mutant mouse models (Lijam et al., 1997; Moretti et al.,
2005). As anticipated, control mice exposed to a novel
conspecific juvenile exhibited typical behavior of ap-
proaching and sniffing, but such initial social interaction
was profoundly decreased in mutant mice (Figure 2A).
When re-exposed to the same juvenile after 3 days, con-
trol mice exhibited a typical decrease in social inter-
action compared to the initial interaction, indicating
Figure 1. Pten Deletion Occurred in Differentiated Neurons
(A) In 2-week-old Nse-cre; Rosa26R mice, b-galactosidase signal
was detected in MAP2-expressing neurons in the polymorphic layer
(PML) and the outer granular layer (GL), close to the molecular layer
(ML), in the dentate gyrus, but not in the inner GL, subgranular zone
(SGZ), or in cells expressing nestin. Although a similar level and pat-
tern of MAP2 or nestin immunoreactivity appeared in control (either
without cre or Rosa26R), b-galactosidase was not detected (data
not shown). Scale bar, 200 mm.
(B) P15 Nse-cre; Rosa26R mice injected with BrdU at P14 retained
the BrdU signal mainly in the SGZ, which was absent in b-galactosi-
dase-expressing cells in the outer GL and PML. Four weeks after the
BrdU injection, BrdU signal was detected in the GL, and some of
them colocalized with b-galactosidase-expressing granule neurons
(arrow, for example). Scale bar, 100 mm.
(C) In mutant tissue at 2 weeks of age, similar to b-galactosidase ac-
tivity in Nse-cre; Rosa26R brain, Pten-negative (blue), and P-Akt-
positive signals (brown) were detected in the PML and the outer
GL. At 4 weeks of age, the number of Pten-negative, P-Akt-positive
cells increased in mutant dentate gyrus. Scale bar, 200 mm.
(D) Inthe sensory cortex layersIII to VI,Pten (brown) was detected in
most neurons in control. In mutant cortex, Pten-negative cells were
mainly detected at layers III to V. Scale bar, 100 mm.
recognition of the familiar juvenile and normal social
learning. The mutant mice, however, did not decrease
their interaction, indicating impaired social learning or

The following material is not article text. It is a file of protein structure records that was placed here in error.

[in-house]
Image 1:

inability to identify the juvenile due to the low level of ini-
tial interaction. We next examined nest formation, a test
for home cage behavior (Lijam et al., 1997; Moretti et al.,
2005). In contrast to the immediate activity of nest for-
mation in control mice, mutant mice showed little nest-
forming activity (Figure 2B). We do not attribute the ab-
normalities in social interaction and nest formation to
deficiencies in general interest in novelty or olfactory
sensation, since we did not detect significant difference
between groupsintestsfor novel inanimate objectinter-
action (Figure 2C) or olfaction (Figure 2D). Each of the
above tests was fully replicated with equivalent signifi-
cant results using a separate cohort of mice and per-
formed by a different investigator, demonstrating the re-
producibility of the results (data not shown).
Additional social tests gave similar results. For exam-
ple, another social interaction test presents a test
mouse with a caged adult mouse (social target) and an
empty cage (inanimate target) in an open field. Control
mice spent significantly more time interacting with the
social target than with the inanimate target (Figure 2E).
Incontrast, Ptenmutants showeddecreasedinteraction
with the social target compared to controls and spent
a similar amount of time interacting with both targets.
Another test for social novelty uses a three-roomed
chamber. Initial interaction with the empty cage was
similar in both groups, while interaction with the social
target was significantly decreasedin mutantscompared
to controls (Figure 2F). Subsequently, when mice were
exposed to the familiar mouse versus a novel mouse,
control mice showed a clear preference for the novel
mouse over the familiar mouse as expected, while mu-
tant mice did not show a preference for social novelty
(Figure 2G). Additionally, mutants showed significantly
less interaction with the novel target mouse compared
to controls. In summary, the mutant mice exhibited de-
creased social interaction without change in novel ob-
ject exploration or a preference for social novelty.
Thus, the Pten-deficient mice display deficiencies in
classic social interaction paradigms.